Metal detectorist Michael Greenhorn discovered a gold and sapphire ring in a field six miles south of York in April of 2009. He reported it to the Portable Antiquities Scheme and, as expected, it was declared treasure. The Yorkshire Museum has just raised the £35,000 assessed value to buy the ring so it can be kept where it was discovered, studied thoroughly and put on display.
Sapphire jewelry is rare in medieval England. Sapphires were reserved for royalty, upper nobility or high-ranking clergy and were said to hold magical protective powers, especially against poison. The York ring is the second earliest example of sapphire jewelry known in England. The oldest sapphire jewel is a Roman example from the fifth century. The York ring was made after that, but scholars aren’t sure exactly when. There is literally nothing comparable to help them determine when it was made.
The ring weighs 10.2 grams, is 2.5 centimeters in diameter. A 6 millimeter deep blue sapphire is mounted in the middle, with pieces of red glass inset around it. The edges are adorned with fine gold beading, and all the gold in the piece is of a very high standard, an alloy of 90% gold, 8% silver and 2% copper.
The gold beading is characteristic of the Viking period (10th – 11th centuries), but a combination of red and blue glass set in gold is characteristic of early Anglian jewelry (7th – 9th centuries). The sapphire could have been used to replace the blue glass of the more modest traditional Anglian design to create a ring for fit for an important figure, maybe even a king. The only other known sapphire around this period was in Edward the Confessor’s coronation ring (he was crowned in 1042), and is now in the Imperial State Crown of Great Britain (it’s at the center of the Maltese Cross on the top of the crown). That sapphire is the oldest gemstone in the Crown Jewels.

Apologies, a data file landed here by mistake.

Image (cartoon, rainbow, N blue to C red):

The museum will launch a multi-disciplinary investigation to find out more about the ring. They will try to narrow down the date, comparing it stylistically to other medieval jewelry. They’re also going to focus on the high quality of the gold alloy, hoping the composition might shed some light on what historians think may have been a high level jewelry-making industry in medieval York.
The museum, in York, also plans to track down the ultimate origin of the sapphire itself. It’s possible that it came originally from India or Sri Lanka and a special scanning electron microscopy examination of the gem will almost certainly be carried out to identify trace elements and ascertain its geological background.
This may also help to reconstruct its pre-Anglo-Saxon history. Is it likely to have been imported into England or Europe from thousands of miles away in Anglo-Saxon times, or is it more likely that it was imported in Roman times and re-used in various different high status roles for hundreds of years before it was lost south of York a millennium or more ago.
Microscopic examination of ware [sic] marks on the ring may also shed light on its history – as might a detailed historical examination of the area around where it was found
The ring is scheduled to go on display at the Yorkshire Museum in the next few weeks.